Tom Zagenczyk: Inside the Workplace
Tom Zagenczyk has always been fascinated by the complex web of social networks and psychological factors that define the modern workplace. As a new professor of management at the Poole College of Management, he is helping his students understand how their thoughts and actions matter at work.
Q&A with Tom Zagenczyk
What initially inspired you to study organizational behavior and human resource management?
As an elementary and middle schooler, I was a nerd who loved playing basketball. I dreamed of making the varsity basketball team and spent many years putting in the time and effort to make it happen. I had some really good coaches along the way, but I also observed others who would throw chairs, break ball racks, and use really colorful language. This behavior made some good athletes decide to pursue other sports. I started to pay attention to situations in which leaders seemed to behave in ways that made it more difficult for them—and their followers—to accomplish their goals.
As an undergraduate student at the University of Pittsburgh, I considered majoring in psychology until I encountered the field of organizational behavior, which brought my interests in business and psychology together. I stayed at the University of Pittsburgh to earn a PhD in Organizational Behavior and Human Resource Management.
What is the focus of your research?
My research falls into three general buckets: employee-organization relationships, abusive supervision, and how social network ties influence employee behavior and performance. This third area of research currently occupies the majority of my time. In the workplace, social network ties can be friendship ties (where there is a personal relationship formed), advice ties (where employees turn to each other for input) and workflow ties (where employees have to work closely with each other). I recently published a paper demonstrating how burnout may spread through different kinds of social network ties as a result of interaction and information sharing. Currently, I’m working on a project that examines the role of informal leaders in driving helpful employee behavior, as well as other psychological explanations for why employees go above and beyond to be helpful or simply meet the minimum requirements of their jobs. I’m also exploring how positive treatment from an organization inspires employees to help out at work because they experience gratitude.
How has your research changed the way you approach professional relationships in your own life?
Often, our immediate reaction to what a colleague does is to assume that it’s a function of personality. What my research– and the research of many others—shows is that it is usually a more complex reaction to a situation that is occurring within an organization.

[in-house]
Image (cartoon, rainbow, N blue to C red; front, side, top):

Researching the dynamics of employee-organization and employee-supervisor relationships has prompted me to try to understand why organizations, supervisors, and employees behave in the ways that they do. Often, our immediate reaction to what a colleague does is to assume that it’s a function of personality. What my research– and the research of many others—shows is that it is usually a more complex reaction to a situation that is occurring within an organization.
What is one of the most pressing unanswered questions in your field?
For the past 30 years, academic practitioners in organizational behavior and human resource management have thought deeply about how to make our research matter in a real-world environment. Our ideas transfer to the workplace through the journal articles we publish, the students we teach, and the companies that invite us to conduct trainings and serve as consultants, but there is plenty of room to continue translating thought leadership into practice.
How would you describe your teaching philosophy?
My initial goal is simply to discover what interests my students most. Once I figure out why they are there and what they hope to glean from my class, I use storytelling to present information in a way that they remember, while also bringing in research.
What are some of the topics and themes that interest your students?
My students often want to talk about how the shortcuts they take in their thinking affect what happens in the workplace– and the strengths or weaknesses of these shortcuts. For example, they are interested in exploring ways to avoid the mistakes that can happen when our biases influence the way we process information. They are also interested in learning strategies to become effective leaders. Another theme that seems to arise frequently is personality. Many people have this idea that understanding personality is the key to unlocking behavioral patterns, but the data doesn’t show this to be true. Some traits can be influential, like helping or counterproductive behavior, for example, but I find that managers and employees believe that personality has a bigger effect on performance at work than it actually does. You can’t just put an extrovert in a sales role and expect them to excel.
How do you like to spend your free time?
Golfing and fishing are a few of my favorite pastimes. My wife and I have a delightful 21-month-old son who has a lot of energy! Our family is local, so we spend time with them.